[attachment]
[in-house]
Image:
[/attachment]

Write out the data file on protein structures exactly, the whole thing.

[in-house]
Image: